Fear, guilt and hope in Sudan

An army and a militia are destroying our country, but we cannot give up; we, the Sudanese people, will persevere.

A person stands holding their hands over their heads as they look towards damaged buildings following clashes between the paramilitary Rapid Support Forces and the army in South Khartoum, Sudan.
Damaged buildings are seen following clashes between the paramilitary Rapid Support Forces and the army in South Khartoum, Sudan on April 25, 2023 [Reuters]

As Muslims all around the world celebrated Eid with their families, I had a hard time getting into a festive mood. I was thousands of kilometres away from where I should have been: in our family home in Omdurman, the Sudanese capital Khartoum’s twin city.

Instead of celebrating Eid with my family, I – like millions of other Sudanese people inside and outside Sudan – spent the last few days of the holy month hunched over my phone, watching on social media my people being killed and my home city being destroyed by an army and a militia.

Instead of going to visit relatives, eating out with friends, taking my children to our extended family, enjoying the overcrowded streets, the smell of delicious food and the joyful sounds of Sudanese music blasting from every passing tik-tok, I was watching these places full of childhood memories turn into a war zone in real time.

I would jump from one video to another of Sudanese soldiers shouting Allahu Akbar, celebrating the capture of other Sudanese soldiers wearing a slightly different camouflage uniform, all boasting the Sudanese flag on their chests.

When I was not on social media, I would switch between news channels trying to see if they would say anything new. I would see the same videos replayed, but with the added commentary of foreign military analysts who said nothing of substance.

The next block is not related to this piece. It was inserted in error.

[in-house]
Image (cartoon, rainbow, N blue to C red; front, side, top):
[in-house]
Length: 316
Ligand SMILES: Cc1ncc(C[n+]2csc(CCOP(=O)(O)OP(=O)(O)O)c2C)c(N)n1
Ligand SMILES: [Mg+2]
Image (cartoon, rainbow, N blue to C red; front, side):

Other talking heads would affirm the need for negotiations and peace but would fail to mention who or what could make the two warring sides sit down and talk. Meanwhile, spokespeople for the army and the militia would trade blame for yet another broken truce.

No one could say when this nightmare would be over. The only thing that was clear was that the Sudanese people who had been protesting for four years now, demanding a democratic civilian government, have been right all along and everyone forcing them to compromise with the army and the militia has been wrong. Now these same brave people are held hostage by the army and the militia and their vicious war.

And this was not the first Eid in recent years that the Sudanese people spent mourning the dead instead of celebrating with the living. In 2019, the army and the militia targeted a sit-in in front of the army headquarters in Khartoum, killing more than 120 people, raping dozens and injuring hundreds.

Justice is yet to be served for the crimes committed that Eid. And perhaps to avoid facing accountability for this and other crimes, the leadership of the army and the militia decided to derail the democratic transition in Sudan and capture power. Only they were so greedy that they could not agree on how to share it.

As the fighting intensified, my family – spread across Khartoum and Omdurman – decided to come together to our family house. Amid the horror and chaos, we received some good news – they had all made it safely home, while dodging rocket fire.